It truly was a pleasure having Dr. Carcasson on campus to give the annual Brigance Lecture. To have such a leading scholar in the field of rhetoric and deliberation come to Wabash was a great opportunity for students, faculty, and community members.

Photos by Corey Egler ’15

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Brigance Colloquy: Civic Engagement Workshop Tuesday February 11

While the Brigance Forum Lecture is Monday night (see previous blog post), a central, interactive component of the Brigance Colloquy on Civic Engagement and Public Discourse is a Tuesday (February 11) night workshop at 7:30 p.m. in Detchon International Hall.

The workshop will be very pragmatic, focusing on a variety of “best practices” for pursuing civic engagement in higher education with an emphasis on applying these ideas to Wabash.  You will get to participate in three, 25-minute interactive sessions of your choosing (out of a larger number available).  Each session will focus on a single topic, and each will be run by a representative from one of the five visiting colleges.  Below are brief abstracts for the workshop topics.


Brigance Colloquy on Civic Engagement and Public Discourse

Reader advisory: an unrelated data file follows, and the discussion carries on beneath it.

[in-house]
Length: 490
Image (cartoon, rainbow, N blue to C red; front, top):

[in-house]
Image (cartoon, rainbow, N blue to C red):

Workshop Session Topics

Allegheny College

Topic #1: Annual Theme and Interdisciplinary Group Study Program

With coordination provided by the Center for Political Participation (CPP), a group of faculty and staff from a range of disciplines and programs has received funding for a two year project linked to the College’s Bicentennial.  At the center of the programming are the Allegheny Group Studies —credit-bearing interdisciplinary courses dedicated to thematic programming addressing the 50th anniversaries of the Civil Rights Act of 1964 and the Voting Rights Act of 1965. These study groups are committed to experiencing the multiple events that comprise the celebrations together. Facilitated by faculty members and student affairs staff, the credit-bearing study groups learn from and reflect upon campus-wide programming designed to raise questions about enhancing our democracy, engaging in discussion of programming, exploring related civic engagement, internship, study abroad, and career opportunities, and producing a record of their collective work through a blog and interactive discussions on Facebook. Both years, 2013/14 and 2014/15, culminate in regional undergraduate research conferences focused on Civil Rights and Voting Rights, respectively. This programming has the potential for affecting the institution’s culture for learning by engaging in a broad, campus-wide conversation on civil rights, disenfranchisement, and inequality that will deepen and sustain students’ civic knowledge, judgment, and engagement.